Collins, Woodall Urge the Corps to Finalize Lake Lanier Water Storage Contract
WASHINGTON — Reps. Doug Collins (R-Ga.) and Rob Woodall (R-Ga.) today sent a letter urging the U.S. Army Corps of Engineers (Corps) to swiftly finalize its contract with the state of Georgia regarding water storage in Lake Lanier. The contract – which could benefit Forsyth and Gwinnett Counties as well as the City of Gainesville – has been in the negotiation process for over a decade but is now being stalled. Meanwhile, Florida and Alabama are capitalizing on the delay, working to ensure the contract never comes to fruition.
The full letter can be found here or below.
June 30, 2020
The Honorable Rickey “R.D.” James
Assistant Secretary of the Army for Civil Works
U.S. Army Corps of Engineers
108 Army Pentagon
Washington, D.C. 20310
Dear Assistant Secretary James,
We write today urging swift consideration of the U.S. Army Corps of Engineers’ (Corps) contract with the state of Georgia regarding water storage in Lake Lanier. This contract – which could benefit Forsyth and Gwinnett Counties as well as the City of Gainesville – has been in the negotiation process for many years and it is past time that the Corps take steps to finalize it.
As you may know, contract negotiations have been ongoing between the Corps and the State of Georgia for over a decade. In 2011, the United States Court of Appeals for the Eleventh Circuit ruled that the Corps has the right to allocate waters from Lake Lanier to Atlanta, Georgia. Despite this ruling and the Environmental Impact Statement (EIS) that demonstrated such a contract would not harm Florida, the contract with Georgia has yet to be finalized. As the days and months go on, Georgia counties planning their water usage are unable to follow through with their plans and, unfortunately, these counties will continue to reckon with their inability to plan and predict their water usage from Lake Lanier until the sought-after contract is fully considered.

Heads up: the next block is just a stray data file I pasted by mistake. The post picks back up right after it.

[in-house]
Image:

In 2016, the most recent EIS concerning Lake Lanier’s water supply demonstrated that the Corps’ contract with Georgia would not harm the environment or Florida. Now, four years later, this contract is still being stalled and the states of Alabama and Florida are working to see that it never comes to fruition. In fact, the state of Alabama is capitalizing on the delay and requesting a new EIS. If Alabama’s request is fulfilled by the Corps, this already decade-long quest for a contract would be unnecessarily prolonged.
We urge the Corps to rely on the standing 2016 EIS and the 2011 ruling of the Court of Appeals for the Eleventh Circuit to complete negotiations regarding the Georgia contract in a timely manner. Additionally, we request a response detailing the anticipated timeline for the Corps’ decision regarding the Georgia contract no later than July 31, 2020.
Thank you for your prompt attention to this matter.
Doug Collins Rob Woodall
Member of Congress Member of Congress